Saskatchewan

Protest group 'Colonialism No More' meets Ralph Goodale

After 100 days of living in a camp in Regina's downtown, members of the protest group 'Colonialism No More' met federal cabinet minister and local Liberal MP Ralph Goodale Thursday afternoon.

Camp in front of Regina's Indigenous and Northern Affairs Canada office since April

Federal Public Safety Minister Ralph Goodale met with a protest group in Regina Thursday. (CBC)

After 100 days of living in a camp in Regina's downtown, members of the protest group 'Colonialism No More' met federal cabinet minister and local Liberal MP Ralph Goodale Thursday afternoon.

The protest camp has been set up in front of the Indigenous and Northern Affairs Canada office on Albert Street since April 18.

The campers are calling for a number of changes and improvements to the way First Nations people are treated.

They have also been advocating to end the detention of immigrants who are in custody due to either identity questions or security concerns — an issue that falls within Goodale's responsibilities as Public Safety Minister.

On Thursday, in Regina, Goodale said he discussed a number of issues with members of the protest group and much of their meeting concerned the treatment of detainees who are being held in facilities in Ontario.

Goodale said he would like to see improvements to the immigration process and to the quality of life for detainees.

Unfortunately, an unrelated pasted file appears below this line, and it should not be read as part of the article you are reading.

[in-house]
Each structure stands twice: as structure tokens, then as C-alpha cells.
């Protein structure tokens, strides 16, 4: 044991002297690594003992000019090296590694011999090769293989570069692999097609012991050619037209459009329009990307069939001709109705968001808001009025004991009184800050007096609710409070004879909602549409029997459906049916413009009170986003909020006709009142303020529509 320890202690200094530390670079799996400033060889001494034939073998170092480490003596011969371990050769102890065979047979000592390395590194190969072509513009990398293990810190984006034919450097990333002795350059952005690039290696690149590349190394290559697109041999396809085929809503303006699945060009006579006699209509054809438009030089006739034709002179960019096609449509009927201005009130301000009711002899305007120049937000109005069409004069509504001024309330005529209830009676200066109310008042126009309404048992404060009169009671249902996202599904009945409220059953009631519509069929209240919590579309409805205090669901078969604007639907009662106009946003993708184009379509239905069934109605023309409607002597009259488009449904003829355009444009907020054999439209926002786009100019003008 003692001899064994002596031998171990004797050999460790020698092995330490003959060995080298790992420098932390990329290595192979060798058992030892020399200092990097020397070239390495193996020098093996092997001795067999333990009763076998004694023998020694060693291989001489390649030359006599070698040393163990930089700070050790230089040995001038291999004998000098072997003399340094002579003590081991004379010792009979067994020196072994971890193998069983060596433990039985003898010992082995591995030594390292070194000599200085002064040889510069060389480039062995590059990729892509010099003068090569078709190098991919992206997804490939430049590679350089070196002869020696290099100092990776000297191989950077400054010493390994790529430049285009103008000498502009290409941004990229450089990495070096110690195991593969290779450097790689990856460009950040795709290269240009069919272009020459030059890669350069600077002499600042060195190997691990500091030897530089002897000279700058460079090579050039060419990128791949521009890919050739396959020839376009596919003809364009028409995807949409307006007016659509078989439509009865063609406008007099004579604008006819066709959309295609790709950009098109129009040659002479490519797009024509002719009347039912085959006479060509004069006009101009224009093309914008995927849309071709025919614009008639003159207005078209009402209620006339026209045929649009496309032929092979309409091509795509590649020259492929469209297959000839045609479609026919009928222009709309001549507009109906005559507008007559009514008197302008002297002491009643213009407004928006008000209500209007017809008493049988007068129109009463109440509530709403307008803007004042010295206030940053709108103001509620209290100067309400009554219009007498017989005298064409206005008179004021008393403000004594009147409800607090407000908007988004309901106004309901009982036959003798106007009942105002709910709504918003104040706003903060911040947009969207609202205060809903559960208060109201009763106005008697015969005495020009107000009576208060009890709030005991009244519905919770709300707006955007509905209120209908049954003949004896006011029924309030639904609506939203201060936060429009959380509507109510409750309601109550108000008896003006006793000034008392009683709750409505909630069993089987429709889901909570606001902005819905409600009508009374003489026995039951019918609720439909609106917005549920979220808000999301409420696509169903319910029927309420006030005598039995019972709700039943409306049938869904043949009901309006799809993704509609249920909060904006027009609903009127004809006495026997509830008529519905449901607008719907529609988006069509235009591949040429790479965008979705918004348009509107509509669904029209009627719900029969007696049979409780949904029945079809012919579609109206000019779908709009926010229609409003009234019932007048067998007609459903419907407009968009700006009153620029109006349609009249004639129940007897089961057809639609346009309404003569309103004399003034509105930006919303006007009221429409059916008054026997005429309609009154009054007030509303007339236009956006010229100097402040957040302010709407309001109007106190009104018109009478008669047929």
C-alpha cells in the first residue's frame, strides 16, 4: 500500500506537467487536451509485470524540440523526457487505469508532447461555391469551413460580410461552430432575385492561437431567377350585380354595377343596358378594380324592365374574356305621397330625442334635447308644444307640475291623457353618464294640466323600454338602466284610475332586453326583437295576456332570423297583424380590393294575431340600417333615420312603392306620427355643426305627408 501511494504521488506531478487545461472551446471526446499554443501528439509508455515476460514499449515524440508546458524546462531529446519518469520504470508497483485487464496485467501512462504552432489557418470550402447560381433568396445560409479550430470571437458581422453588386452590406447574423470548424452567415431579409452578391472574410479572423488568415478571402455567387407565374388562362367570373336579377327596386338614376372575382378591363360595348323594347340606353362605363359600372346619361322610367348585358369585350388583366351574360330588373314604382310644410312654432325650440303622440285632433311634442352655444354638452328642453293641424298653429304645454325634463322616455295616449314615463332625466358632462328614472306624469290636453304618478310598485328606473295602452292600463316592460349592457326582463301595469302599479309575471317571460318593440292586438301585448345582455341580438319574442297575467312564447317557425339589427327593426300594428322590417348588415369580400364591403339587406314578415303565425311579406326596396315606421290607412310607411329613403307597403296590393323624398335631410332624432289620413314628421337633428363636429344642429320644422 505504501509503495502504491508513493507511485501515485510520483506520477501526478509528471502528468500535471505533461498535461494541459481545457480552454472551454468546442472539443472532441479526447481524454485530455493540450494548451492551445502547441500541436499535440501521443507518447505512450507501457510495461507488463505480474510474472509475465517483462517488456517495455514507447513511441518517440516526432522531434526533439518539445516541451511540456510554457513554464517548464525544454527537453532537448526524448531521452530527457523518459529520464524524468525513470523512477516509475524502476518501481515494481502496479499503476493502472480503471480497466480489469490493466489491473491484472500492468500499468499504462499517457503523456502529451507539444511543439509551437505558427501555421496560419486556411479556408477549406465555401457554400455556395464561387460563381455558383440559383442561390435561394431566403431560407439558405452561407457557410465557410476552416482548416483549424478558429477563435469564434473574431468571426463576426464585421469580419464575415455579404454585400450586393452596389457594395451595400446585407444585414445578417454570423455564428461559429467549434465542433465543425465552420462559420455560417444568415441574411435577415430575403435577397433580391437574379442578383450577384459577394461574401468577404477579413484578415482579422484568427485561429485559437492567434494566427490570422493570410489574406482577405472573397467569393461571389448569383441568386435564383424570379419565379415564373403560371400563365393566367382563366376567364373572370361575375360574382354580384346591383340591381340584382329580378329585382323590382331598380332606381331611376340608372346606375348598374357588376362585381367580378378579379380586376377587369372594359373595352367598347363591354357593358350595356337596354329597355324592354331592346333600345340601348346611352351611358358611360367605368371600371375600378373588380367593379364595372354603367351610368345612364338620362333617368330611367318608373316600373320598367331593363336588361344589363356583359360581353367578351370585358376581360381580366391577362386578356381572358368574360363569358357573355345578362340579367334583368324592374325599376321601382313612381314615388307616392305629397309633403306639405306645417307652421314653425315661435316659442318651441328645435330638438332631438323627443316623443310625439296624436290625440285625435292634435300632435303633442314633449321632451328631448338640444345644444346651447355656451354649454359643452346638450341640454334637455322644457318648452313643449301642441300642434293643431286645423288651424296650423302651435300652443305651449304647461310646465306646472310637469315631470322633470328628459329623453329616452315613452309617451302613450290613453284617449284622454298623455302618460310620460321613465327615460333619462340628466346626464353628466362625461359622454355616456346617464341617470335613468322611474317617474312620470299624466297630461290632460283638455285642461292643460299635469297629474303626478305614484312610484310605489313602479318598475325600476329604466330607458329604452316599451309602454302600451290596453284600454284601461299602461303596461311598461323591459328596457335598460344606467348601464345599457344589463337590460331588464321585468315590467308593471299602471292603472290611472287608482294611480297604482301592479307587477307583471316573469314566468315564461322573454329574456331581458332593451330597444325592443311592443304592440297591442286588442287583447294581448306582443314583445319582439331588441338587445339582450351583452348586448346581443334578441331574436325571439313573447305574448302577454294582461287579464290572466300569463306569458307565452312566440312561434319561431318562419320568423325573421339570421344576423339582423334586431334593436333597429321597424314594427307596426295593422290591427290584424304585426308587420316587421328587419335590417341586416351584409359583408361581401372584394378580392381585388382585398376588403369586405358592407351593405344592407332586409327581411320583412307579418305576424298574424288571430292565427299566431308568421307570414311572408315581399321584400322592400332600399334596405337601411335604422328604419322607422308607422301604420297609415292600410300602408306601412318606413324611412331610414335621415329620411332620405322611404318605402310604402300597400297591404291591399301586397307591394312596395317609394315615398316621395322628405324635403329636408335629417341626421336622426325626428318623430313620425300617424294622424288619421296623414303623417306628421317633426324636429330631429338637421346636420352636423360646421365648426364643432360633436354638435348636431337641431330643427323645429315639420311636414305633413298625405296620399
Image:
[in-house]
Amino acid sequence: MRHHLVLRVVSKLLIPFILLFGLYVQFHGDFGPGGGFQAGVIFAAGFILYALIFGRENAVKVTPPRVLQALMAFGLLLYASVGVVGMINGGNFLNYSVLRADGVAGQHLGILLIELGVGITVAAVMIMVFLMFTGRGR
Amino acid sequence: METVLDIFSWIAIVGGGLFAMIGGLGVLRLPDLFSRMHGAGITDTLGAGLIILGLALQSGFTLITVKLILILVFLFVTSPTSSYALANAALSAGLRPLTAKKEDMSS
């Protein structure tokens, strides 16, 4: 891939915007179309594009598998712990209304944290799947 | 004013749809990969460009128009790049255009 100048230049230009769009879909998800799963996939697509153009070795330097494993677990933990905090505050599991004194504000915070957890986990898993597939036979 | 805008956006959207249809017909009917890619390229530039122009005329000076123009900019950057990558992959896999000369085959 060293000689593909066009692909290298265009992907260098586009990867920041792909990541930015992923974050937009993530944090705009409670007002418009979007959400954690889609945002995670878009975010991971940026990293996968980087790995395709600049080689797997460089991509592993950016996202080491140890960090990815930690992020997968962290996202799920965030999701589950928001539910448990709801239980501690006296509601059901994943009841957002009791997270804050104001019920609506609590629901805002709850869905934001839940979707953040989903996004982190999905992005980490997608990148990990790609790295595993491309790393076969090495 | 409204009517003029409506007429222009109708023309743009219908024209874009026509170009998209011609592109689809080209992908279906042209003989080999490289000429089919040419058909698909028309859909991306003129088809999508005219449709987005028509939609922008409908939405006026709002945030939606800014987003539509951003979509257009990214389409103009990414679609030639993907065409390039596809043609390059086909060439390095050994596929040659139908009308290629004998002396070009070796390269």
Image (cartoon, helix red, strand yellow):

"I have focused on  that question and I've indicated that there are a series of reforms that we will be undertaking," Goodale said. "This is a set of circumstances and a set of problems that have been allowed to fester over a long number of years."

Recently, some of the detainees stopped eating.

The Regina protesters stopped eating for the day to express their solidarity with the detainees.

Robyn Pitawanakwat, one of the people involved in the protest camp Colonialism No More, which has been set up in Regina since April. (CBC)

"We were able to ask him a lot of questions that were concerning us," Robyn Pitawanakwat, one of the people in the protest group, said.

She said they pressed Goodale to meet with detainees who are on a hunger strike.

"I hope he follows through on that," she said. "I don't see how a meeting can be detrimental."

Pitawanakwat added that issues concerning INAC remain and the group will continue their camp.